Payments have seen another roller-coaster year in 2021, with continuing disruptions due in large part to the pandemic that has hugely transformed buyer behaviour. The expectations of speed, safety, and convenience will keep driving changes in 2022. More countries will get their own faster payment rails and experiment with different technologies to establish cross-border links between them. This together with regulatory reforms will lead to closer partnerships and collaborations among Banks, FIs, Fintech, Big Tech and a host of other middlemen who will continue to innovate to secure improved experiences for consumers.
Newer payment methods like crypto will not just see more merchant acceptance but also more sophisticated crypto heists that will grow the security and compliance space with newer players working on more advanced ways to combat crime. Established BNPL players and start-ups that are seeing record funding are slowly moving into B2B payments and are likely to take over the space formerly enjoyed by credit cards. B2B payments are already showing robust growth with innovative invoicing/AR/AP management solutions. Incumbent banks have started tying up with Fintech for sophisticated Treasury solutions. Many companies have already started to experiment with the metaverse and digital identities – despite extensive criticism, the metaverse seems to be the next audio-visual extravaganza that is all set to take over the world and completely transform the customer experience.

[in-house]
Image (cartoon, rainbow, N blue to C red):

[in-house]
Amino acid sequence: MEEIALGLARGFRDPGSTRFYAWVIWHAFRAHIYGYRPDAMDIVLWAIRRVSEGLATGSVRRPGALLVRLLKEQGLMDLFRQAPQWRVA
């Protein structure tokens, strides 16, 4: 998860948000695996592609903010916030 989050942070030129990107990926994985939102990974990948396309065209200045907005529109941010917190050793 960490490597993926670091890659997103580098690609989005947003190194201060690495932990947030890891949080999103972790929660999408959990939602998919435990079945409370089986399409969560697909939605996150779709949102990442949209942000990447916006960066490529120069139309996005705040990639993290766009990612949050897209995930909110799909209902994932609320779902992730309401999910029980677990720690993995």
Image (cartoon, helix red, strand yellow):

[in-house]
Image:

2021’s forced move to digital is helping fuel the ongoing transformation in payments. The opportunities are endless, as is apparent from the billions being invested in this space. Biometric facial and voice payments, IoT connected device payments, livestream payments, faster payments without internet connections…the list goes on.
2022 will be interesting to watch, as the initial shocks wear off, people learn to live with the virus, and economies rebound. Stay tuned for updates.